Many divorcing couples can agree on nearly all issues and get a simplified divorce. Some, however, should recognize the signs of a high-asset divorce and take steps proactively to protect their concerns. Read on to find out why it pays to be careful when you and your spouse have more than the usual financial issues.
What Is a High-Asset Divorce?
There's no single dollar amount of assets that put divorce in this category, but you might recognize it, and your lawyer is sure to do so. Often, couples who own a great deal of real estate, run their own businesses, have a lot of investments, and have incomes several times above the national median can place themselves in this category.
What to Know About Hidden Assets
When a couple's financial details are complicated, it can increase the chances of hidden assets. The disclosure of assets is an important component of a fair and equitable divorce agreement. Couples who earn high incomes or where there is a great disparity in the incomes of the parties may end up hiding assets, either unintentionally or purposefully. For example, some couples may be confused about what marital assets are and what should be disclosed during divorce proceedings. Your lawyer only knows what you tell them, so it's in your own best interest to ensure that you and your spouse lay all your financial cards on the table and allow the law to determine marital assets.
What Are Marital Assets?
While states can differ somewhat in the determination of marital assets, in most cases, the following fall into that category:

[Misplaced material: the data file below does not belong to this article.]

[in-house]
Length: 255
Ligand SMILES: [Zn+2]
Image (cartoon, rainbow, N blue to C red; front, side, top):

- Everything procured after the date of the marriage and before the date of separation.
- Not included are inheritances, gifts to one party only, and property procured before the marriage.
Take Action to Protect Your Fair Share
You are entitled to certain assets as determined by your state of residence. You might live in one of the few remaining community property states, or you might live in an equitable distribution state. In some cases, you might be entitled to property that was purchased by your spouse and in some cases, you must let your spouse keep certain items of property. The only way to know for sure is to speak with your attorney. To make sure you get a fair shake, take these actions:
- Gather information right away. It might too late to access that investment account after your spouse cuts off access. Print out statements before your spouse takes action and before your first divorce attorney meeting.
- Get a divorce lawyer on your case as soon as possible. Even if you are not yet sure about the divorce, hire the best attorney you can as soon as you can. Some attorneys specialize in high-asset divorces and know exactly what to do to protect your rights.
Speak to a divorce attorney and learn more about high-asset divorces.